How Will Dexter Fowler Fare Away From Coors Field?
In one of the more surprising moves of the offseason, the Astros were able to acquire the center fielder from the Rockies for Jordan Lyles and Brandon Barnes. The 27 year-old stole 19 bases while hitting .263/.369/.407 with 12 home runs in 492 plate appearances for the Rockies. We are currently projecting Fowler to hit 15 home runs with a .274/.376/.415 slash line, but I have reservations heading into 2014. He continues to strikeout way too often (21.3 percent), and his 11.1 percent swinging strike rate last season indicates his strikeout rate might increase. Additionally, Fowler's career home and away splits are startling. His career OPS on the road is .694 compared to his Coors Field OPS of .880. Fowler's HR/FB ratio is 4.7 percent and does not compare favorably to his 9.5 percent HR/FB ratio at home. There is enough of a sample size for potential owners to be worried about Fowler playing a full season away from Coors Field. I've been avoiding him in some of my mock drafts, and I think his ADP of 17 is still too high.
Projecting Jared Cosart:
Cosart might have pitched to a 1.95 ERA in his 10 starts (60 innings) with the Astros toward the end of last season, but there is no doubt that his performance was disappointing to many fantasy owners and fans. Cosart struggled with his control (5.25 BB/9) with the Astros, but that was not as surprising considering his 4.84 BB/9 in triple-A. He managed to keep his ERA low because of an abnormally high strand rate (85.9 percent) and a .246 BABIP. Additionally, his strikeout rate of 4.95 K/9 was extremely disappointing and his 5.7 percent swinging strike rate indicates that number was not a fluke. Cosart does generate ground balls (54.5 percent ground ball rate), but any success in 2014 will come because of improved peripherals. At this point in time, Cosart is not fantasy relevant and I would not be surprised to see him back in triple-A at some point in 2014.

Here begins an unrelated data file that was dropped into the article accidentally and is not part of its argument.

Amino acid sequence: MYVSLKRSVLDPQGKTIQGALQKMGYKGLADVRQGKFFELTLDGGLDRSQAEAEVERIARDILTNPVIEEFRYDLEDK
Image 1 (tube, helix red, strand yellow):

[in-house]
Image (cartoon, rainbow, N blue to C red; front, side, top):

New York Yankees
Jacoby's New Home:
Every season there a few players who change teams that I identify early and take note of their projections. Ellsbury's power numbers have always been an interesting topic of discussion among fantasy analysts since 2011 when Ellsbury hit 32 home runs. The 30 year-old center fielder has never produced more than nine home runs in any other season, but things should change in 2014. Despite a favorable new home, I have been surprised to Ellsbury's stock drop in early mocks. Our software is currently projecting Ellsbury to hit 18 home runs, and would be a steal considering his current ADP (3.01). According to his batted ball data, Ellsbury's home runs averaged 401 feet and that numbers is considerably lower for a hitter with a 6.6 percent HR/FB ratio. Yankees fans will remember that Johnny Damon saw his HR/FB ratio jump from 5.5 to 12 percent when he moved from Boston to New York. Ellsbury's strikeout and walk rates have remained stable over the last few seasons along with his line drive rate. I think our .292/.344/.454 projection is right on the money, and I consider him a top-10 outfielder this season.
A Sabathia Rebound?